Abolishing the Indian?
During the wars of independence, insurgents in Mexico and Peru tried to abol-
ish the term indio, as well as racial categories more generally, on the grounds
that they were incompatible with republican concepts of equality. In Mexico
a series of resolutions revoked colonial classifications. An  law ordered
that official documents should cease classifying people by racial origin, and in
 José María Luis Mora and Alonso Fernández proposed to the Mexican
congress that “indio, in common acceptance as a term of opprobrium for a
large portion of our citizens, be abolished from public usage.”1 Mora went
so far as to assert that in legal terms “Indians no longer exist.”2 In Peru, Ber-
nardo de Monteagudo was the first official to discard the term “Indian”: in
July  he stated that in the future Indians “will be called Peruvians, names
that they will justly value and whose worth they will appreciate more greatly
with every passing day.”3 San Martín, who is often credited with the replace-
ment of “Indian” with “Peruvian,” in fact made his statement that “henceforth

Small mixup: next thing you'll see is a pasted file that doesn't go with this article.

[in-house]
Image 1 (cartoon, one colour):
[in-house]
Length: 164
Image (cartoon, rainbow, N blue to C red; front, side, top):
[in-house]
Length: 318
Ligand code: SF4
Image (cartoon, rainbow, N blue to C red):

the aborigines will not be called Indians or natives; they are sons and citizens
of Peru and should be known as Peruvians” a month later.4 In other regions
political leaders, without issuing legislation, simply began employing other
words to replace the discredited colonial classifications.
A common replacement for indio (Indian) was indígena (indigene). In the
Oct.  session of the Congress of Cúcuta, for example, representatives
referred to “the Colombian indigenes called Indians in the Spanish [legal]
codes,” and then referred insistently to “indigenes” in the remainder of the
session.5 Mexican pamphleteers likewise referred to “the indigenes, that is,
the Indians (so that everyone is clear whom we mean).”6 In Peru officials be-
gan employing not only “indigene” but also “Peruvian,” in keeping with the
decrees cited above. Mark Thurner notes that in the early s the term “Pe-
ruvian” was used to refer specifically to the “ex-indios” rather than to Peru-
vian nationals in general.7 Just as often officials simply spoke of “the people
formerly known as Indians.” The  constitution of the Colombian state of
Mariquita and the Venezuelan  constitution thus referred to “the section
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